Anthony DiRenzo

Professor, Writing
School: School of Humanities and Sciences


Boldini, "Portrait of Verdi"

Jostled by the crowd overflowing the train station, Giuseppe Verdi stands beneath Columbus’s statue in Piazza Acquaverde, one eye fixed on Enea the fish peddler, the other rereading Regina Tumeo’s letter. Like Prime Minister Crispi, she is a word-drunk Sicilian: “. . . so I beg you, Maestro, as a young Italian mother (‘Three mackerels, not two, Enea!’), please write a little tune for my son’s birthday (‘Big ones! Not those sardines!’)—just as you wrote that lovely Pieta, Signore two years ago for the earthquake victims at Messina. (‘Oh yes. Bad business, that. Enea, mind the flies!’)  Please, Maestro. You are a second father to Attilio. Your name is the first word he spoke. Your music is always on his—”

A fat, red-faced porter carrying luggage bumps into Verdi and tears the letter from his hand. It flies across the piazza, lands in a puddle, and is trampled by carriage horses and pedestrians.

“Blast,” says Verdi. Enea smirks. Verdi taps his cane on the pavement. “Just take care of the mackerel, and no monkey business with the scales.” Verdi checks the clock on the facade of Principe Train Station. Two griffins guard a dial which reads 5:35. Verdi resets his pocket watch, always slow, and proctors Enea as he weighs the fish. In the waning light the old composer glances up at the statue of Columbus. Genoa’s favorite son is portrayed in all his youthful vigor, leaning against an anchor. Even in late afternoon his face radiates confidence and innocence. But his right hand rests in a vaguely exploitive way on the shoulder of a naked young woman, kneeling at his feet. Verdi winces but he remains fascinated by the determined look in Columbus’s eye, as if the explorer can see beyond the train station and commuters to some private horizon. In the harbor of Genoa floats a forest of masts.

 “What the hell is he staring at?” mumbles Verdi.

"America, what else?” yawns Enea, a stumpy, carp-lipped lout in a leather cap and green apron. A tacked reproduction of Bronzino’s portrait of Andrea Doria as Neptune distinguishes his stand from the others crowding the square. During Carnival, Enea himself dresses as Neptune and roasts eels on a trident. Such showmanship makes him popular with the American tourists. Enea prints and distributes leaflets with Columbus’s face in hotel lobbies, gives tours of the dock, sells second-hand Baedekers. Red, white, and blue, as well as red, white, and green, bunting decorates his stand. His efforts have paid. Enea owns a dozen stands throughout the city, operated by overworked boys. A bill wad bulges his apron and makes refined girls blush. He wears fresh shirts, second-hand cravats, pressed trousers, and smokes Virginia cigarettes. Whistling, he wraps Verdi’s fish in week-old newspaper: “MASSACRE AT ADOWA!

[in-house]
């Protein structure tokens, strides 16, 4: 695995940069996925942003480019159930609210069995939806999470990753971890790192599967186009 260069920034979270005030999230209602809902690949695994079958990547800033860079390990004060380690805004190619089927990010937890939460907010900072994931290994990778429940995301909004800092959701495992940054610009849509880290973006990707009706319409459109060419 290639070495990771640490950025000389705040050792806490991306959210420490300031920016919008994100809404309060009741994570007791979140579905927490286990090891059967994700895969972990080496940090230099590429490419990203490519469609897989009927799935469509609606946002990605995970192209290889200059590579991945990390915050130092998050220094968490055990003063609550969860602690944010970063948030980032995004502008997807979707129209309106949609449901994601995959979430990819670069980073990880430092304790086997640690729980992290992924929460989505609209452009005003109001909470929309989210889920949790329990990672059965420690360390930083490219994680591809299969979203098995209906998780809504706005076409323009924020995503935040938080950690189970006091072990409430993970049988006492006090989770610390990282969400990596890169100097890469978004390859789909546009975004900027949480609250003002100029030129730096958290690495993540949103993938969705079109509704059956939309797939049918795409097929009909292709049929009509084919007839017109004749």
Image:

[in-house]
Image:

The Maestro quakes. Between outrage over the stupidities of imperialism and the struggle to compose that blasted Te Deum, his mind for days has rumbled like a volcano. But bemusement calms him as he again regards the statue. The allegorical nude reminds him of that American girl, Blanche Roosevelt. Suddenly, he furrows his brow and blinks at Enea.

“America? But isn’t America the other way?”

Enea gestures to the tourists in the square. “For me, Maestro, America is here. Wherever they spend their money is America.”

 “Very clever. But seriously, Enea,” and the old man’s expression becomes vague and vulnerable, “east or west?” One of the few private facts Verdi keeps from the press are the tiny strokes he suffers. His constitution is still so resilient, however, that a cup of espresso, very black, usually rallies him. Only the astute can tell his strength is failing.

With a merchant’s tact, Enea says: “Who knows, Maestro? These are confusing times.”

“Yes,” says Verdi, his expression again alert and truculent, “we’ve lost our bearings.” He addresses the statue of Columbus: “We need a compass, Admiral.”

“Our troops needed a compass,” Enea grumbles. “Those black bastards slaughtered us.”

“We’re the bastards,” says Verdi, “tyrannizing Africa!  We were wrong, and we paid for it!”

My God, the shame! How can he write a Te Deum after Adowa? The very name sounds like a bad opera. Crispi was Garibaldi’s secretary and aide de camp, and he plays the Pharaoh?  Not so fast, Peppino. The Khedive commissioned Aida for the opening of the Suez Canal, remember?  He sent you two ebony chairs and an ivory baton. They’re with your other trophies at Palazzo Doria.

Yes, yes, but Aida was a tragedy. Not even Rossini could have written a farce like Adowa.